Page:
for new projects muy be withheld
until the Minis are put Into satisfac
State Sytttm Co-ordinattd.
liana for the proposed system have
been received oy the bureau of public
Mads from all but eight atutea, and
the state systems are being co
ordinated so that when Joined together
they will serve the best Interest of
the whole country. In the meantime
i.nly project certain to be In the pro
posed system are being approved.
ine new appropriation co n at a
time when several state are neurlng
the limit of fund available. Th
authorization of funds for three years
In advance will be of great benefit to
all stntea In that It will permit them
to lay their plana for amue time ahead,
rncerlaluty as to future federal aid
la removed and provision can be made
ut once for raising stat funds to
Wrong Tim to Rsis Prices.
Men influential In the adminis
tration ar raising their voice against
th tendency to push up prices
again. "Th present Is a good tlm to
sound a warning against any general
effort to put up th price of those
things th mass of consumer must
buy." says th comptroller of th cur
rency, D. H. Crlsalnger. "Such a move
ment, I feel, would Juat at this Junc
ture b likely to prov untimely, and
to bring unfortunate consequences. I
am familiar with th fact that In gen
eral th tendency la to buy oa a rising
market and to sell oa a ft lllng market
But that doesn't by a means aasur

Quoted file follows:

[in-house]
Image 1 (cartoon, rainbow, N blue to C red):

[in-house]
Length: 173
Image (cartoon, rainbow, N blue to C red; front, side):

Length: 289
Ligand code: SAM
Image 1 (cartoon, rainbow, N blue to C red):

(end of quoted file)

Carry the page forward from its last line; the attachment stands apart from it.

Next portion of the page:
that bualaess la bound to gt good
wboo price ar getting higher, or gat
worse when price ar getting lower.
"So I want to ware agalaat any ta
deacy to what I believe tb coaomlsts)
Defer to na a secondary Inflation. If I
understand them, we had a primary
Inflation during Mid Immediately after
the war. I take It that, In the realm
of prices, they mean by primary Infla
tion a gpnerul advance of price In a
time when demand Is greater than
Supply, the pursue being to check
the demand and therefore make the
supplies go farther.
"A secondary Inflation, I take It, la
quite a different affair tendency to
advance prices at a time when there
I a surplus of producing rapacity but
a deficit In buying and consuming ca
pacity; the theory being that a the
public tends to buy on a rising market,
the one effective way to make It buy
Is to make the market rise.
Not th Right Procedure Now.
"It occurs to me that there are proper
exceptions to all rules; and for myself,
I do not believe that a public which